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Author Topic: Batch overflow  (Read 1606 times)

Offline madscientist

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Batch overflow
« on: August 02, 2010, 06:43:03 am »
So I was brewing a Witbier yesterday, and i had a pretty good boil going.  I go to add the hops and immediately upon addition of the first package, the wort just got violent and overflowed out of my brewpot.  (Had about 4in space between the top of my pot and the wort, was boiling about 2 gallons).  Long story short, I moved the pot to another burner (electric stove), and tried to salvage the batch.  I lost some wort with some hops, but the rest of the boil went normal.  I checked my gravity and it was about where it should be for OG.  (1.04).

I pitched my yeast after everything cooled off, but no activity in my airlock.  I know airlock activity isn't necessarily indicitive of whats going on, but has me a liitle worried. 

So think it will be a salvageable batch? 
Homebrewed since 2010

Offline majorvices

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Re: Batch overflow
« Reply #1 on: August 02, 2010, 06:48:09 am »
If your gravity is there you should be fine. But, as an aside, I notice a lot of people boil the living hell out of their wort. This really isn't necessary. As long as the wort is turning over you should be good. If you are boiling so hard that you get an overflow when you add the hops this is a sure sign that the you need to crank back on the burner some.

Offline hopaddicted

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Re: Batch overflow
« Reply #2 on: August 02, 2010, 10:02:37 am »

One of my first brews boiled over BAD, though I lost a bit of volume, the beer was still great. I cranked my burner down, keep a closer eye during additions and until the hot break hits, and no problems since. Enjoy your brew...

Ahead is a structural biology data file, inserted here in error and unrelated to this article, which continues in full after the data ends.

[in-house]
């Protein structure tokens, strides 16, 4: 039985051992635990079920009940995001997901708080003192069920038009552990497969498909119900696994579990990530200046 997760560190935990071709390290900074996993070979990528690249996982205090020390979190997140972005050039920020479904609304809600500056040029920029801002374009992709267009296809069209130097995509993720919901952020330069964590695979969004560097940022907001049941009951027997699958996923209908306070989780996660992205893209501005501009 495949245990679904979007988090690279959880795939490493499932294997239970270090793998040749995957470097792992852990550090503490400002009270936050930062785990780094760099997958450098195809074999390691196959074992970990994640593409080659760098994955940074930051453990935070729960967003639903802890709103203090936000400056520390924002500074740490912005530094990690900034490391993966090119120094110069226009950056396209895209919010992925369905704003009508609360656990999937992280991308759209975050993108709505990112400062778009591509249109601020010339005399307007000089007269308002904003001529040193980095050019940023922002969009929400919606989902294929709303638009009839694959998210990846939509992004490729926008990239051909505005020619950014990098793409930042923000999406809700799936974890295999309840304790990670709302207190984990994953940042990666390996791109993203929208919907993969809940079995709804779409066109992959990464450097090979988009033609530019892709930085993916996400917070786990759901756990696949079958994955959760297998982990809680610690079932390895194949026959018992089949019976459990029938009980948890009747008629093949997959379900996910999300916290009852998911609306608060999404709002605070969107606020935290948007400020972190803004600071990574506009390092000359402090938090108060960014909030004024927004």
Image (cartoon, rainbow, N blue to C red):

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John Harvard Imperial Stout clone, Hoppy Amber, Witch's Brew (Habanero and Smoked Corn Small Ale), Porter, Dunkleweizen, Dry Stout, Irish Red Ale, American Maple Wheat Ale, Black Wit, Belgian style Wit, Belgian Golden Strong Ale
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Offline madscientist

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Re: Batch overflow
« Reply #3 on: August 02, 2010, 09:09:02 pm »
Next time I will avoid the "vigorous boil." Thank you!

As an aside, and a note... it always helps to make sure the lid is securely on the fermenting bucket!  I wasn't seeing any activity so I gave in and checked the bucket.  Found the lid wasn't tightly on in all places.  Opened it up and saw visible signs of fermentation.  Closed everything tight, and the airlock started immediately.  I am a happy brewer and can't wait for this batch to finish.

Time to start getting another batch together in the meantime. 
Homebrewed since 2010

Offline euge

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Re: Batch overflow
« Reply #4 on: August 02, 2010, 09:52:17 pm »
Especially with concentrated boils, should one observe for boil-overs... (best Yoda voice).

True, true, true but always able to kill the sumb**** at the right moment with something like this: and go watch TV for a few minutes...

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